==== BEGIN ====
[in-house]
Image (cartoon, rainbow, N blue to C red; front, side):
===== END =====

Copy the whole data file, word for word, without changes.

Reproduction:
[in-house]
Image (cartoon, rainbow, N blue to C red; front, side):